A California school committed to upgrading the campus around student-centric learning. The result is a model for learning-happens-anywhere school design.
At Tarbut V’Torah (TVT) Community Day School, outdoor stairs and walkways connect the three levels of the K-12 campus. But the fastest—and most popular—way to travel from the top level of the school to a lower level is by sliding down a new 20-foot-tall metal slide.
“Everybody uses the slide,” says LPA Associate Ozzie Tapia, the project designer on the recent reimagining of the campus.
The slide lands at the newly expanded Discovery playground, which also serves as a K-5 classroom without walls—7,000 square feet for planting seeds, making art, regulating creek water, reading in a hut and acting in an amphitheater, among other early learning activities. The slide provides a way to navigate the topography and connect older students, who study on the two top levels, with the K-5 students on the lower level.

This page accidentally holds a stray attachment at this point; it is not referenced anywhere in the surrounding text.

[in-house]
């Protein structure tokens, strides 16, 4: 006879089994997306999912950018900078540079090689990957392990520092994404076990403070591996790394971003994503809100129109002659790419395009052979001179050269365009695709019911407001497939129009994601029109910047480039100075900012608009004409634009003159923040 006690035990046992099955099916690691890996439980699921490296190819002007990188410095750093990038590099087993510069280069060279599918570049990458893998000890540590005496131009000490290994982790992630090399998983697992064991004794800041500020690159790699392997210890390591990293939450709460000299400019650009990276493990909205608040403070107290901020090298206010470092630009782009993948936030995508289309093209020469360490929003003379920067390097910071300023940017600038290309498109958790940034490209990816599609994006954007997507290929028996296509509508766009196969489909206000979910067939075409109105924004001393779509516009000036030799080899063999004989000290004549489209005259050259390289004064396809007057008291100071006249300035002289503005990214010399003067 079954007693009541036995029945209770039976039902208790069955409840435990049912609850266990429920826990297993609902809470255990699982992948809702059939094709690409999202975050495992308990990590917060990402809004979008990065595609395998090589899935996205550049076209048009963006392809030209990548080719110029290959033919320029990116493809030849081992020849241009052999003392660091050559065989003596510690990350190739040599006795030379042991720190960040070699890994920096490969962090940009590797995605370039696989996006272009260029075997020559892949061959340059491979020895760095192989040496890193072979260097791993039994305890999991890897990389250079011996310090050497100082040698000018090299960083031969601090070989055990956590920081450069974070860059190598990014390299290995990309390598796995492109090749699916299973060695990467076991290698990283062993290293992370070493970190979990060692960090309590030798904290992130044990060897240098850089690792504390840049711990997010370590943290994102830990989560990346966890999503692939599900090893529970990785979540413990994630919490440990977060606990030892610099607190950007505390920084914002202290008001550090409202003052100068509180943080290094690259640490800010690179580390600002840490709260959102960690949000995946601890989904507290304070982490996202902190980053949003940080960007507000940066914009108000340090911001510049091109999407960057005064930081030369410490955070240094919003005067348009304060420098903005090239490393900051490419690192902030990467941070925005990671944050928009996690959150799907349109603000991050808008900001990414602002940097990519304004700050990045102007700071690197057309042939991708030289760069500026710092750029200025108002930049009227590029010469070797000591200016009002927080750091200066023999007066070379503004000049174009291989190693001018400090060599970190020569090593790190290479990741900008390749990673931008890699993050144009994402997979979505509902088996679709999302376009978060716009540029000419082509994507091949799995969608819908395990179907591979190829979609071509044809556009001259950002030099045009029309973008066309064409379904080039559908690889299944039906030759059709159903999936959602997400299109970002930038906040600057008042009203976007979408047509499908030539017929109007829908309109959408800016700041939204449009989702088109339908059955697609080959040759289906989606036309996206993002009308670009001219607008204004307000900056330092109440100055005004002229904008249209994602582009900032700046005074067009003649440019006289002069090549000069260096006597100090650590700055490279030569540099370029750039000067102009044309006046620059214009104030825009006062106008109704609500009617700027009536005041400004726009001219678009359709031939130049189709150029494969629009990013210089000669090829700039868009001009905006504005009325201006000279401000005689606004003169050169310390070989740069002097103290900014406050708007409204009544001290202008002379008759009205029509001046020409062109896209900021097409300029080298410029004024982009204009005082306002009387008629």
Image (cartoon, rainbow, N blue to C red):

Tarbut V’Torah (Hebrew for Culture and the Torah), located in Irvine, California, went through a fundamental transformation in recent years, as administrators wrestled with how to expand the aging campus into a facility that would inspire students and invigorate the community. In the process, the school developed into a model for creating student-centric environments that keep evolving, indoors and out, so that learning happens everywhere.
In 2013, TVT adopted a strategic vision committing the school to focus on student-directed, hands-on learning. Head of School Dr. Jeffrey Davis and his staff wanted learning environments that help instill independence and collaboration, creativity and problem solving at every age level.